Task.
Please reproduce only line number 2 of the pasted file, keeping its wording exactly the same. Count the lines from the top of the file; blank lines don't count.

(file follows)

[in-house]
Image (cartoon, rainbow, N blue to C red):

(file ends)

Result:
Image (cartoon, rainbow, N blue to C red):